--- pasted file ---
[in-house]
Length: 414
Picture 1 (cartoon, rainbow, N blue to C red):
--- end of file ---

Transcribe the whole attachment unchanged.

[in-house]
Length: 414
Picture 1 (cartoon, rainbow, N blue to C red):